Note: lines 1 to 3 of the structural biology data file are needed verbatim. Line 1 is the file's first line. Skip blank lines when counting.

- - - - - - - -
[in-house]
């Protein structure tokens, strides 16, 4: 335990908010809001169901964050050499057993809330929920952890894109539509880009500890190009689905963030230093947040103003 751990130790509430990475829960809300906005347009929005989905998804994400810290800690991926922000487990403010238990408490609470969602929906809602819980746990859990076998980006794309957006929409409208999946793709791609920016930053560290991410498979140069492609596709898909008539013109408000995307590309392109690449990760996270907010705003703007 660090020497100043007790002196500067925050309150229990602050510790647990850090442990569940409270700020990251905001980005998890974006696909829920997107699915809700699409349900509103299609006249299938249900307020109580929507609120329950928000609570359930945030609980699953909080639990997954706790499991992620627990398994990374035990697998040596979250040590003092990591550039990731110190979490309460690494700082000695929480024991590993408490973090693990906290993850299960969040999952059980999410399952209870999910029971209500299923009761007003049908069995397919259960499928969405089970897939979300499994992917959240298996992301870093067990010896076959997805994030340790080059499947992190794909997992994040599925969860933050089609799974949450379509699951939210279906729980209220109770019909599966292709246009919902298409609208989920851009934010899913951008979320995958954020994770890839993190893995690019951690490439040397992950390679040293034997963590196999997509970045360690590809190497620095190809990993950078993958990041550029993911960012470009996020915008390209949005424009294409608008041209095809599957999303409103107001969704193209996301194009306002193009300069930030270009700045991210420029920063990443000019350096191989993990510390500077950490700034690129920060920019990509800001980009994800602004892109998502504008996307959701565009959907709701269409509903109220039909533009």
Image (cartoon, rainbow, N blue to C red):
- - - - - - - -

[in-house]
């Protein structure tokens, strides 16, 4: 335990908010809001169901964050050499057993809330929920952890894109539509880009500890190009689905963030230093947040103003 751990130790509430990475829960809300906005347009929005989905998804994400810290800690991926922000487990403010238990408490609470969602929906809602819980746990859990076998980006794309957006929409409208999946793709791609920016930053560290991410498979140069492609596709898909008539013109408000995307590309392109690449990760996270907010705003703007 660090020497100043007790002196500067925050309150229990602050510790647990850090442990569940409270700020990251905001980005998890974006696909829920997107699915809700699409349900509103299609006249299938249900307020109580929507609120329950928000609570359930945030609980699953909080639990997954706790499991992620627990398994990374035990697998040596979250040590003092990591550039990731110190979490309460690494700082000695929480024991590993408490973090693990906290993850299960969040999952059980999410399952209870999910029971209500299923009761007003049908069995397919259960499928969405089970897939979300499994992917959240298996992301870093067990010896076959997805994030340790080059499947992190794909997992994040599925969860933050089609799974949450379509699951939210279906729980209220109770019909599966292709246009919902298409609208989920851009934010899913951008979320995958954020994770890839993190893995690019951690490439040397992950390679040293034997963590196999997509970045360690590809190497620095190809990993950078993958990041550029993911960012470009996020915008390209949005424009294409608008041209095809599957999303409103107001969704193209996301194009306002193009300069930030270009700045991210420029920063990443000019350096191989993990510390500077950490700034690129920060920019990509800001980009994800602004892109998502504008996307959701565009959907709701269409509903109220039909533009």
Image (cartoon, rainbow, N blue to C red):